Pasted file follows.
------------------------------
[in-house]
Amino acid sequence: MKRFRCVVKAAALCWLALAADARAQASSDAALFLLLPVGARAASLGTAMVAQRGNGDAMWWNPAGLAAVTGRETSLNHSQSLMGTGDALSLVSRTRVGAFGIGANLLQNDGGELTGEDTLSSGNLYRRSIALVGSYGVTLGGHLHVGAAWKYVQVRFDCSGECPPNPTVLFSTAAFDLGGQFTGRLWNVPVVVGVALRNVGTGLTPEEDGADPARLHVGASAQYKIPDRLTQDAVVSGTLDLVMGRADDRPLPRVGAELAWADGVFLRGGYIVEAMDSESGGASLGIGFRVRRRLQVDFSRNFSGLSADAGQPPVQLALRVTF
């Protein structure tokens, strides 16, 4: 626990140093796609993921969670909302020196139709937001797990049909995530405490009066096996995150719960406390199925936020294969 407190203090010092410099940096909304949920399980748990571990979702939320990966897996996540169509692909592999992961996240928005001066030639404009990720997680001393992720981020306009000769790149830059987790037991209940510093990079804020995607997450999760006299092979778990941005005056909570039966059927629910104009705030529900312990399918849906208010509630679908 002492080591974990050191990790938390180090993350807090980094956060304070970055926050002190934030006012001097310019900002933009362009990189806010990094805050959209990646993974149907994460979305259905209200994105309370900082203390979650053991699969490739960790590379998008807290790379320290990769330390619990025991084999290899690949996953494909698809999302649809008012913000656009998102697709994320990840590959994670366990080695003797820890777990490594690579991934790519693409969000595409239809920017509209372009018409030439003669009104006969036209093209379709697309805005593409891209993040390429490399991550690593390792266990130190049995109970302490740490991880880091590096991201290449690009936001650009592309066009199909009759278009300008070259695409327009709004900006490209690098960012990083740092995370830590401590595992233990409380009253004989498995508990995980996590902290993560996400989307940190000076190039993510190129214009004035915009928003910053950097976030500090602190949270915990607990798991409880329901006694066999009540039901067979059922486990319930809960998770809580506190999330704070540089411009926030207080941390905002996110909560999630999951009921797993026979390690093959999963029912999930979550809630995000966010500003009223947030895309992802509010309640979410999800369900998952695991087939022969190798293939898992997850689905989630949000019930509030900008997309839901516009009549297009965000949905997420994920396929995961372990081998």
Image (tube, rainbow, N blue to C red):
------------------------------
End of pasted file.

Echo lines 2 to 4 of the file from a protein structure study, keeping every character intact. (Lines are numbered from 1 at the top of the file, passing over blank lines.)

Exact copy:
Amino acid sequence: MKRFRCVVKAAALCWLALAADARAQASSDAALFLLLPVGARAASLGTAMVAQRGNGDAMWWNPAGLAAVTGRETSLNHSQSLMGTGDALSLVSRTRVGAFGIGANLLQNDGGELTGEDTLSSGNLYRRSIALVGSYGVTLGGHLHVGAAWKYVQVRFDCSGECPPNPTVLFSTAAFDLGGQFTGRLWNVPVVVGVALRNVGTGLTPEEDGADPARLHVGASAQYKIPDRLTQDAVVSGTLDLVMGRADDRPLPRVGAELAWADGVFLRGGYIVEAMDSESGGASLGIGFRVRRRLQVDFSRNFSGLSADAGQPPVQLALRVTF
């Protein structure tokens, strides 16, 4: 626990140093796609993921969670909302020196139709937001797990049909995530405490009066096996995150719960406390199925936020294969 407190203090010092410099940096909304949920399980748990571990979702939320990966897996996540169509692909592999992961996240928005001066030639404009990720997680001393992720981020306009000769790149830059987790037991209940510093990079804020995607997450999760006299092979778990941005005056909570039966059927629910104009705030529900312990399918849906208010509630679908 002492080591974990050191990790938390180090993350807090980094956060304070970055926050002190934030006012001097310019900002933009362009990189806010990094805050959209990646993974149907994460979305259905209200994105309370900082203390979650053991699969490739960790590379998008807290790379320290990769330390619990025991084999290899690949996953494909698809999302649809008012913000656009998102697709994320990840590959994670366990080695003797820890777990490594690579991934790519693409969000595409239809920017509209372009018409030439003669009104006969036209093209379709697309805005593409891209993040390429490399991550690593390792266990130190049995109970302490740490991880880091590096991201290449690009936001650009592309066009199909009759278009300008070259695409327009709004900006490209690098960012990083740092995370830590401590595992233990409380009253004989498995508990995980996590902290993560996400989307940190000076190039993510190129214009004035915009928003910053950097976030500090602190949270915990607990798991409880329901006694066999009540039901067979059922486990319930809960998770809580506190999330704070540089411009926030207080941390905002996110909560999630999951009921797993026979390690093959999963029912999930979550809630995000966010500003009223947030895309992802509010309640979410999800369900998952695991087939022969190798293939898992997850689905989630949000019930509030900008997309839901516009009549297009965000949905997420994920396929995961372990081998």
Image (tube, rainbow, N blue to C red):